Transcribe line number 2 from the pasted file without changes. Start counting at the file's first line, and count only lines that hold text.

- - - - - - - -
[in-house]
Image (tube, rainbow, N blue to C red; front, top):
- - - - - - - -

Image (tube, rainbow, N blue to C red; front, top):